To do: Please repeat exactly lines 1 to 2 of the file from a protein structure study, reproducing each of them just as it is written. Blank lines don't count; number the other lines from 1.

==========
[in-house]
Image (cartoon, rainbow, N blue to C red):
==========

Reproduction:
[in-house]
Image (cartoon, rainbow, N blue to C red):